• rhesus monkey;
  • cortisol;
  • hypothalamic-pituitary-adrenal axis;
  • stress;
  • rearing experience;
  • sex differences;
  • age differences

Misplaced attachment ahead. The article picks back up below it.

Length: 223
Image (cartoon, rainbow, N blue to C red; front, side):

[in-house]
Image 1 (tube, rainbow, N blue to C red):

A mammal's early social environment has important regulatory effects on its behavior and physiology, and this is especially true for regulation of the hypothalamic-pituitary-adrenal (HPA) system. The present study was designed to test hypotheses that various aspects of the social environment are important influences on HPA regulation. Seven hundred seventy eight, 3- to 4-month-old rhesus monkeys were studied as part of a standardized, 24-hr biobehavioral assessment program, which included blood sampling to determine plasma cortisol concentrations. Results indicate that nursery-rearing results in a reduced cortisol set-point for the HPA system, and, for nursery-reared (NR) animals, more peer exposure during infancy is associated with a higher set-point. Age and sex differences during this period were evident but small in magnitude. These data demonstrate the important regulatory role of the social environment on nonhuman primate physiology and suggest caution in assuming that differences between individuals' cortisol levels reflect only differences in perceptions of the “stressfulness” of events. © 2005 Wiley Periodicals, Inc. Dev Psychobiol 46:318–330, 2005.